Marketing is simple.
All of the answers you need to grow your business are hidden somewhere in a database. The customers most likely to become platinum buyers are there. So are the hit-and-runners. Being able to recognize them quickly is the difference between a successful marketing campaign and a dismal failure.
The problem is that the volume of data is overwhelming to even the most sophisticated marketer. How do you know where to start to find the right information at the right time? Once again, it is simple…ask the right questions.
Don’t be misled by this post or any others that tell you about the simplicity of data management. Simple isn’t easy. It can be quite hard finding the right information when you need it to make decisions.
Multiple channels feeding data into multiple systems managed by multiple departments makes simple data analysis extremely challenging. How do you know what is available? And, how do you find the key information that moves your company forward?
Start with the money and work backwards.
This will usually begin with your order management system. Here are some questions to get you started:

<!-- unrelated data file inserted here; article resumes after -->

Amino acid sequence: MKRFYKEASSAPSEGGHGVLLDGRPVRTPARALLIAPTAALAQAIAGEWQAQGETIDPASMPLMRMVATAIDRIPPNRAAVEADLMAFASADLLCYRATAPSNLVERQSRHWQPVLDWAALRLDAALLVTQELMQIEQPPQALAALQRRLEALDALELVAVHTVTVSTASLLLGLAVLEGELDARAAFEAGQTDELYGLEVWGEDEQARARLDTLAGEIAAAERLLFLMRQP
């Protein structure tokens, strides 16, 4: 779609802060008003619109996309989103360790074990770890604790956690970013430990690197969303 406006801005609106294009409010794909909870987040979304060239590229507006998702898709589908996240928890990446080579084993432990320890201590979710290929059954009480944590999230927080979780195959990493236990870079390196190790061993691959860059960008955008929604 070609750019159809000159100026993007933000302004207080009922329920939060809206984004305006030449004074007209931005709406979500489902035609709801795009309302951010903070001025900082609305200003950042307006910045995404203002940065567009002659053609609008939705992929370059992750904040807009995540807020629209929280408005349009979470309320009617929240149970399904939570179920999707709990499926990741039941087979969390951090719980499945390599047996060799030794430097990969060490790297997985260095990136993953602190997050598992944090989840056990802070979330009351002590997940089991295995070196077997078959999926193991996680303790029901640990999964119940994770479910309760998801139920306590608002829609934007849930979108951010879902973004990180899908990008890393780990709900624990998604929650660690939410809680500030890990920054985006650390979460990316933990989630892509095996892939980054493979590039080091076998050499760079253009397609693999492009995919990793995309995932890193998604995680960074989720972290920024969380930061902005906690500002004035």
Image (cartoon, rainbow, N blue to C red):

- Where are your order placed? Be careful that you don’t confuse point of origin with source. Some channels drive sales to others. For example, catalogs consistently increase online sales because of the convenience.
- How do your customers find you? And, how much does it cost to move a prospect from shopping to buying? By channel? Acquisition costs vary by source. Knowing your numbers allows you to plan your campaigns so they generate revenue and profits.
- What do platinum customers have in common with each other? How about hit-&-runners and other segments? The sooner you identify them in the marketing cycle the more efficiently and effectively you can market to them.
You may have noticed that we already have a group of key questions without moving very far past customer acquisition. One question leads to more. If you systematically work through your questions, you’ll find the answers you need. If you don’t, then you need to improve your questioning skills. When all else fails, question everything.